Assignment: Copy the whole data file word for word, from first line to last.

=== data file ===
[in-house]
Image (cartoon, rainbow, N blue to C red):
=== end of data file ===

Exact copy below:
[in-house]
Image (cartoon, rainbow, N blue to C red):